My sister in law is a hair stylist.  She used to run her own business.  After the birth of her second child, however, she closed her business and only worked on family, in her kitchen.  One day when she was cutting my hair I remarked that she was a highly skilled amateur.

She bristled, “Oh no, I’m a professional.”

I tried to explain that I hadn’t meant to insult her, but the literal meaning of the word amateur was one who does it for the love.  She no longer cuts hair professionally, for money, but now does it for the love.

And I’ve been thinking …

Many of us approach Christianity like it’s a profession.  I am a Christian, so I do this and I don’t do that.  Which makes my Christianity about me.  Which makes me a hypocrite.  Professionalism implies a level of training, competence and skill.  Does that speak to our unrealistic expectations of our fellow brothers and sisters in Christ who are at a different point in their journey and walking a different landscape than our own?

I’ve been an amateur musician since I was 8 years old (I just had a birthday and I don’t feel like reckoning up the years just now, but suffice it to say that’s a long time).  In that time I’ve gone through periods where I’ve played and/or sung a lot.  Just this week I opened a book I bought a few months ago and started to teach myself to play the piano.  Is this because I’m super good at it or because I think I might like to or be able to earn my living at it some day?  No way.  It’s pure love.  I love music.  At my best, I’ve achieved some degree of competence, but I’d be kidding myself if I thought there was a future for me as a professional musician.  I don’t have the talent.  And, frankly, I don’t want to place myself in the position where the work required to achieve professional level musicianship would detract from the love …

What does this mean for me as a Christ follower?

First and foremost I must remember that I’m in it for the love.  Love for Jesus is my motivation for all that I do, not some list of rules posted in the church bylaws or even some list of rules printed in the bible.  Those are guidelines for how I live out my love for Christ.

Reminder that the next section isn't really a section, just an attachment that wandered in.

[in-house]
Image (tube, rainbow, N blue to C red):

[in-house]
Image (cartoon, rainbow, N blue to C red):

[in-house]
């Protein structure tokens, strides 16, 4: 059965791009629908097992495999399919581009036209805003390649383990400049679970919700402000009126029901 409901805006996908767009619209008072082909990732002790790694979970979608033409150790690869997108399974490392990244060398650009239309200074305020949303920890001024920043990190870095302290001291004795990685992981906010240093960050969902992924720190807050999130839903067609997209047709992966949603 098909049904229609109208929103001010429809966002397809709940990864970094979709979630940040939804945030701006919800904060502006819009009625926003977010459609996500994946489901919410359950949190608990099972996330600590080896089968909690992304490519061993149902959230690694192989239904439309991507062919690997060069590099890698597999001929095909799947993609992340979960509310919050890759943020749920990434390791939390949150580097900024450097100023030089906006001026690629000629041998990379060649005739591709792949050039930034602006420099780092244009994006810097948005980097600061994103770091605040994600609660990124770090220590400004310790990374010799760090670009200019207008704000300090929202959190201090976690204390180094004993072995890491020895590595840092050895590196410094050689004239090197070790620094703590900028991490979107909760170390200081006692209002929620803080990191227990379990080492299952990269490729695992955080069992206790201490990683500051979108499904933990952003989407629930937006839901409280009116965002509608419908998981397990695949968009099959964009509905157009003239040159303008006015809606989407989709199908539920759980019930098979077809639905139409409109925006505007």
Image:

It also means that my attitude toward my fellow followers is one of grace and not judgement.  I might think they should or should not be doing something, but it is unrealistic to expect professional level competence out of one who is just taking his first steps on the path of love.

It means that I have to follow the path of love that is laid out in front of me regardless of whether it measures up to popular Christian culture.  I’m not talking about going against the bible, I’m talking about a path that’s outside the mainstream experience.  There are many things in our contemporary Christian culture that are traditions and practices, this is the way we’ve always done it.  And I must be free to take them or leave them as Love dictates.

And it might mean that my attempts to be more like Jesus are sometime, well, amateurish.  Maybe I’m visiting in the nursing home for the first time and I don’t know what to do, don’t know what to say and I stand there awkwardly and I stammer and I repeat myself and I leave too soon or stay too long.  But, I love Jesus.  And I want to be like him.  And I believe that if he was living my life, he would visit the sick and lonely.  And I’m not doing it because I’m good at it, but for the love.  So I’ll go back next week.  And, just maybe, after a while, I’ll achieve some degree of competence.

Maybe it’s like my friend Jon wrote about should and could.  A professional should, but an amateur could …

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